Tuesday, March 17, 2015

No Finley Hall?

The University of Georgia is on its 22nd president.

Of the previous 21 presidents, most have buildings or facilities named after them. The current and two most recent presidents -- Morehead, Adams, and Knapp -- of course do not. Too soon for that sort of thing. But what's kinda interesting is there are a few presidents from the hazy past with nothing at all named after them.

Take, for example, Jonathan Rogers and Henry Stanford.

Best I can tell, there's no Rogers Hall, at least not at UGA. There is a Rogers Road on campus, but I can't tell if that's a UGA street or city street (it looks UGA-ish). And on it are the Rogers Road Apartments. So, who is Rogers?  As the source of all knowledge, Wikipedia, tells us:
Rogers' tenure at UGA was very brief due to a power struggle with some members of the Georgia Board of Regents over whether the College of Agriculture should remain a part of the University or become its own institution. UGA kept the school; however, the clash cost Rogers his job.
So Rogers served from 1949-1950. The fact that he fought the Board of Regents, in my mind, makes him deserving of a building.

So what about Stanford? No, not Sanford. He has a stadium and a road. This is Stanford. He was kinda sorta president, really interim president, from 1986-1987. As Wikipedia tells us:
Stanford served during a period of turmoil. The reputation of the University had been sullied as a result of an unfavorable ruling by a federal jury in a case brought by Jan Kemp, who had asserted that she was unlawfully fired for speaking out against alleged preferential academic treatment for athletes.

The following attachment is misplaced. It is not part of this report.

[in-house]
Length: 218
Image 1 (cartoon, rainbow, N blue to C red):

The Kemp mess really belonged to Davison, who has a nice big building with his name on south campus, though for consistency's sake you'd think all the former presidents would have something -- a building, a stadium, and outhouse -- named after them.

Finally, and to me the most interesting -- UGA's fourth president, Robert Finley. As Wikipedia tells it:
Finley fell ill while traveling south to assume his new position at the University of Georgia. He died only three months after arriving and is buried in Jackson Street Cemetery on the school's north campus in Athens, Georgia.
There is a Finley Street in town and, ironically, it intersects with Meigs Street (another former UGA prez), but best I can tell no Finley Hall.

This excludes rooms or labs or some such that may be named after a person but are hard to identify online. Corrections welcomed.

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